The Virginity Project: Your Virginity Loss in Paragraphs

Published on The Daily Femme – Thursday, Jan. 6, 2011

Contributed by Annamarya

While on my travels through the Internet, I stumbled across an interesting, eyebrow raising article posted Monday on Huffington Post about a devastating virginity loss experience. It was written by Kate Munro, founder of The Virginity Project, which is dedicated to collecting the stories of virginity loss of British men and women. The latest story comes from Naomi, who lost her virginity to a French man at a hostel while on her backpacking trip with her friend. I wouldn’t do justice summing it up, so here is Naomi’s piece in her own words (as posted by Munro):

My best friend and I were the funny, likable, frumpy girls in high school. Popular but not sexy like the dancers, we made friends of boys rather than lovers. We lived in a small town about an hour away from the city. When we were 16, we jumped on the bus one Monday night and headed to the city. We had to do something for ourselves.

It turned into a sad night. I think we thought it would be exciting and full of passionate embraces but by the time we found ourselves out the front of a hostel in the dawn, my friend drugged by the man she just shared a bunk with, and me with the taste of someone foreign and ugly in my mouth, it lost its charm. He was French, looked ok on the dance-floor of a back-packers pub. He did me briefly in the bathtub.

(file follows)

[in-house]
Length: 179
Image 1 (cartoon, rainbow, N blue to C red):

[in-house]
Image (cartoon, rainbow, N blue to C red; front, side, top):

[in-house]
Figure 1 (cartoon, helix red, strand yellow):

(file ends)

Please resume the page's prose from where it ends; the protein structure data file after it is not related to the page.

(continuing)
There was a moment on that curb when the morning birds were waking, when I noticed I was bleeding slightly, that it was the first time. My friend held me tenderly in her groggy arms and the ride home was strange and silent. We are still close to this day. And I still haven’t had a proper first time yet.

The purpose of the project, according to Munro, is to find out, without judgment, the truth in virginity loss and how people have grown since their “first time.” But, as one commenter on the HuffPo article puts it, these types of stories – the random, unremarkable yet potentially devastating experiences – show us more than the different ways people have lost “it”. They show us how important comprehensive sex education is needed. So often youth are told their first time is going to be fantastically romantic and groundbreaking (especially when you’re with the “right one” – you know, the husband or wife of abstinence education) when, as The Virginity Project proves, it often is not, leaving them disappointed or, worse, depressed. The fact is, most of us have gone in blind when having sex for the first time, more focused on getting rid of our virginity than on the experience itself, and a lot of this is due to the lack of proper sex education. Imagine if youth were educated honestly about  sex, sexuality, what to expect, how to remain safe, and the emotions that come along with experiencing their first time, how different these stories would be.


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2 thoughts on “The Virginity Project: Your Virginity Loss in Paragraphs